Plant phenological and net growth responses to climatic change are complex and variable1. Low temperatures generally constrain plant primary production in cold grassland ecosystems31. The Qinghai-Tibetan Plateau, with a below-freezing mean annual temperature, is a cold grassland ecosystem. It is also characterized by a summer monsoon, which delivers over 90% of the annual rainfall during the summer months, making this region a global outlier in the seasonal distribution of moisture among cold grassland environments. We examined the hypothesis that soil moisture limits plant growth because delayed spring greening has been observed throughout the region in recent years.

With warming temperatures, dry winters, and variable precipitation, we anticipated that increasing aridity would delay the onset of spring. The increasing variability also suggested that the spring onset dates may become more variable as well, with some winters retaining enough moisture to overcome the drying effects of increasing temperatures. The inter-annual variability in net rainfall may be quite high, but the strongest driver of the arrival of spring appears to be the timing of the summer monsoon. Our results of warming experiment showed the inter-annual variation in the timing of NEE >0, which differed between 2014 with a wetter spring and 2013 with a dryer spring (Fig. 5). Shen et al.14 also found that spring greening was more sensitive to inter-annual variations in preseason precipitation in arid areas than in wetter areas.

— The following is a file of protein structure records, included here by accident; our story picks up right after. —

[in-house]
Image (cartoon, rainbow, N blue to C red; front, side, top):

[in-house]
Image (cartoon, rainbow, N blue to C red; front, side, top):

Our experimental data contribute to the debate by identifying the mechanisms associated with recent observations of delayed spring phenology18,23. Various researchers have focused on a suite of mechanisms that could drive delayed spring phenology. These include spring cooling18, failure of necessary chilling23, grassland degradation27, and delayed or declining springtime precipitation13,14. Our experimental work strongly supports the hypothesis that moisture is often limiting. This hypothesis states that moisture often, but not always, constrains the initiation of spring greening when soil moisture is low even though temperature is sufficiently high to stimulate plant growth. Our regional observations of greening, measured with NDVI, showed that precipitation is a much stronger predictor of greening than temperature (Fig. 3).